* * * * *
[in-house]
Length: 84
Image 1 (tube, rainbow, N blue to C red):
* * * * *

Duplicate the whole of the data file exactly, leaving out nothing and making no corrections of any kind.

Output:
[in-house]
Length: 84
Image 1 (tube, rainbow, N blue to C red):